Capitalism is thievery, even by its own laws, but some lowlife bosses are not satisfied with the ill-gotten gains and unfair advantages that the law already provides. No, some bosses not only exploit their workers, filling their baskets with the majority of the fruit that a worker produces, they also coerce or trick workers into working hours for free or accepting less than the already woefully inadequate minimum wage.
This wage thievery hurts “honest” and “hard working” small business owners as well, by giving an unfair advantage to the lowlife pick pockets who take money from their workers’ paychecks. The thieves can lower their “operating expenses” and undercut their honest competitors. So “honest” bosses are getting screwed too while lowlife bosses can thrive.
Any business which doesn’t a pay living wage has no right to exist. They are a detriment to society.
But bosses who run businesses and steal from their workers already meager earnings are criminals and should be put in jail. And I don’t mean Club Fed type country clubs. Lets’ take a page Lisbeth Salander and tattoo “this asshole steals wages from poor workers” across their chest and back and maybe on their foreheads too. Wage stealing bosses live in the same hole as pedaphiles, along with scabs and Pinkertons and Eric Prince.
There is no doubt that all wage labor is wage slavery under the menace of capitalism, but since we still have a fair amount of work to do before we are ready to challenge the rulers for control of society, bills like NJ Senate bill S1790 and Assembly bill A2903 are a baby step and offer workers some cheesecloth like armor of protection. We reiterate the best way to fight for workers’ rights is to organize in the workplace and at the point of production. Building egalitarian structures in an IWW rank and file union is the real hope for change. But if this proposed wage theft law in NJ can relieve some of the suffering of so many mostly low wage workers than we support it and call on the legislature to pass it immediately.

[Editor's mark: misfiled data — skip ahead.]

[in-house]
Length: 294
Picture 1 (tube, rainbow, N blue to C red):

Wage theft, in the US, is a huge criminal enterprise. The Economic Policy Institute estimates that the wage theft that revolves around the minimum wage alone is $15 billion a year. That’s more than “shoplifting” and if bosses paid a living wage “shoplifting” would most likely be even less of a problem.
,All threads connect in the fabric of capitalist oppression, and when we pull one, wage theft, we find that it is tied to another, low wages. Laws that regulate the level of theft tolerated are not a bad thing, but we need to rid ourselves of exploitative social relations entirely. All we need is the strategy and the movement to start to make it happen.